My Bike: Honda NC700X

Because my Suzuki XF650 Freewind has a broken gearbox, I was required to sell the XF650 to get money for a new second-hand bike.

I removed all the useful parts from the Freewind to use on my new one and sold the other stuff to not lose everything 🙂

I searched online for 2 days for a new bike and found a Honda NC700X nearby with 35kW which is also compatible with my drivers license.


I asked an OK for the bike with my parents and they said yes, because it was necessary and it is a very functional bike. My dad even searched a lot of information on the bike himself. He didn’t have time to come with me to the dealer, so I asked my mom and sister to come with me.

When I saw the bike, it already looked nice, and looking closer, it looked even better. It looked like the bike was cleaned thoroughly and has gotten a big inspection before it went in the showroom. I only found one scratch on the topcase and it was minimal.

The tires, chain and sprockets were practically new, and the bike also had a lot of farkles.
These are a Givi Top box + carrier, bigger windshield, centrestand, ABS, and even a gel seat. The bike only had 9k km on the clock, it’s like a new bike.

The salesman didn’t want me to test drive it alone, so he had to be a pillion. I’ve never ridden with a pillion before, and it felt really weird. The bike still steered very light with the salesman on the rear seat, and there’s enough torque to get the bike going.

My parents loaned me 60% of the price of bike that I will pay back in the coming months.
I had to pay 40% myself, and that also hurt my wallet, no money for extra farkles. Be prepared to see some DIY Farkling!

Let’s talk specs:
My Honda NC700X has a twin 670cc, 35kW, undersquare, SOHC, 8 valve, 270° crank engine. That are a lot of specs in one sentence :’)
The 270° crankshaft should make it possible to get a V-twin feel with a parralel twin engine. The undersquare also gives it a low revving, but high torque personality.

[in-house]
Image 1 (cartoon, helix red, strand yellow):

The bike weighs about 220kg wet (full tank without farkles), but is still nimble because of the low centre of gravity. It also should get figures of  78MPG, but the tank size is only 14,1 litres.

Sportiness and ride quality
It is said that the NC700X isn’t a sporty bike. I partly agree. It does have a sporty, adventure look, but the rpm range is too narrow to get it going fast.
It does steer lighter than the XF650, but it needs a bit more oomph enginewise.

You can get the bike going in all 6 gears, accellerating from 50km/h to 100km/h in 6th gear is totally possible without bogging the engine.

I’m still worried about dropping the bike when doing slow manoeuvres because my feet can’t reach the ground. Only tip toeing on my boots.

Getting a nice deep rumble when idling, but when giving it some gas, it seems to quiet down a lot. Even with the Ixil Hyperlow XL without the baffles it is still too quiet. Maybe a decat pipe would help, but that will also cost an arm and a leg.

The Honda NC700X has only one brake rotor (and caliper) in the front, and one in the back. Because Honda cheaped out on the brakes, it looks like the brake rotors come from the same steel plate, but that’s not a problem, because the brakes are very nice.

I have to say that my NC700 has ABS, and let me tell you, that ABS is gripping good.
I tested the brakes at a reasonable speed and didn’t brace myself on the bike. That resulted in almost sliding over the frunk.

Build quality
It’s a Honda, ’nuff said. All joking aside, the plastics and frame are just perfect. The only thing that bothers me is the swingarm. It looks cheap, and it feels cheap. A mudguard for the rear shock also would’ve been handy. Looks like it should be a DIY fix then.

The Honda NC700X is a real commuter. It doesn’t use a lot of gas, has lots of space to hide and store all your stuff. Highway cruising at 120km/h goes at around 4500rpm. That’s 2000rpm lower than the redline of 6500rpm. Seems a good range. When changing the front sprocket to a bigger one, or the rear to a smaller one, it is possible to get lower rpm readings, which makes it very touring friendly.

Just don’t forget to get a speedo healer.

– Storage under the ‘tank’
– Commuter
– High MPG
– Heaps of torque

– Heavy
– Too quiet
– No creature comfort
– The problem of having no radiator guard and rear hugger

My bike farkels
– Givi Topcase
Givi D1111ST windscreen:
– OEM Honda Touring windshield
– Givi HP1111 handguards:
– Knockoff “Givi” windscreen spoiler:
– Handlebar crossbar:
– SW-Motech 2 inch handlebar risers
– Original centrestand:
– IXIL Hyperlow XL Slip-on:
– DIY fork protectors
– DIY rear shock protector

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